20 useful questions for understanding novels
Below is a list of questions you may find it useful to ask yourself when analysing novels. They are NOT a blueprint for a ready-made analysis; every novel is different and will require its own approach. However, they may help you towards a better understanding of how a novel “works”.
- Who is the protagonist of the novel? Is there an antagonist?
- What is the main conflict of the story? Are there secondary conflicts also?
- Is the main conflict told chronologically, or are some things only revealed later? If so, what effect does this have?
- Where is the climax of the novel?
- Is there a resolution of the main conflict? Is anything left unresolved?
- What are the main themes of the novel?
- What is the significance of the title of the novel? Does it relate to any themes?
- Is the novel critical of the world it portrays?
- What point of view has the author chosen? What is the effect of the point of view? (For example, how would the novel be changed if a different point of view was chosen?)
- Is the point of view stable, or does it change? (Why – and with what effect?)
- How reliable is the narrator? In the case of an unreliable narrator, how is this unreliability revealed?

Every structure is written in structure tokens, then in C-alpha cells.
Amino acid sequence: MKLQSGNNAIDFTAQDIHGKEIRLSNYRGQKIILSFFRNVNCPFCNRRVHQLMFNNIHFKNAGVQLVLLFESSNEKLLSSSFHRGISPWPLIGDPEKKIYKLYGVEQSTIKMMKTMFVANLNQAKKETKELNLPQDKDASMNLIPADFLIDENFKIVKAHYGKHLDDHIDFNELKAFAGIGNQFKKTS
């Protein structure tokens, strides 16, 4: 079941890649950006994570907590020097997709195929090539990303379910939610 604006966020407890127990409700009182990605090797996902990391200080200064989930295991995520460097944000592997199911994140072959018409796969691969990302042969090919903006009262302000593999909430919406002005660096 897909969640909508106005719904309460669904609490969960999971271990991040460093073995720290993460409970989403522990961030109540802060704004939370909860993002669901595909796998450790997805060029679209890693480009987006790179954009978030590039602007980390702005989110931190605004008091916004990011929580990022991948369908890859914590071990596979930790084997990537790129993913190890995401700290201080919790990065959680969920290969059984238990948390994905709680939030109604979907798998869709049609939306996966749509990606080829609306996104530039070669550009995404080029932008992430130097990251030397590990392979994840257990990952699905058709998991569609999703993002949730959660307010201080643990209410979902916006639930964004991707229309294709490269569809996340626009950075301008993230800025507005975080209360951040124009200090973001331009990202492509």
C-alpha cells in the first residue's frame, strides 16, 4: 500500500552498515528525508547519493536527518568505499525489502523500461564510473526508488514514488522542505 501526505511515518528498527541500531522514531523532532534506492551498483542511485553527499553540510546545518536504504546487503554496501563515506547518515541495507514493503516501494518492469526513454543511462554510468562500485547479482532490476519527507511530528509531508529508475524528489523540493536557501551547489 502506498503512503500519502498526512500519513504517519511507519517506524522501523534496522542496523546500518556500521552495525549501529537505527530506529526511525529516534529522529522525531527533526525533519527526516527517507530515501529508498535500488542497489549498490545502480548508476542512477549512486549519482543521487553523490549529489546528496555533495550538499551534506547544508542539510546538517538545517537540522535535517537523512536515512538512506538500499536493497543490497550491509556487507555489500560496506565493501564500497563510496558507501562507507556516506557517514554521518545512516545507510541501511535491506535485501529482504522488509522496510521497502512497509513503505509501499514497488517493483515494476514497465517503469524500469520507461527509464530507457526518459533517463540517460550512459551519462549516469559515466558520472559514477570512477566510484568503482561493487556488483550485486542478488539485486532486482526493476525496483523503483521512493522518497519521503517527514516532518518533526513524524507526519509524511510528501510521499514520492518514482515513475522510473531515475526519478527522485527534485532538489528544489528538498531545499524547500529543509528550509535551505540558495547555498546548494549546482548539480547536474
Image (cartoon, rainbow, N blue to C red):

- Does the author make use of irony in the novel? What is its effect?
- What are the main characters in the story like? What character traits do they have?
- Are the characters “flat” or “round”?
- Does the main character change in the course of the novel? If so, in what way?
- Is there a moment of epiphany? If so, what new understanding is reached?
- How do we learn about the characters – though their actions and words (indirectly) or through author description (directly)?
- Where is the novel set? Are there several settings? Does the setting give the story a particular atmosphere?
- When is the novel set? If the novel is set in an indefinite “present”, are their any signs that can help us date the story?
- What social environment is portrayed in the novel? Are there several different environments?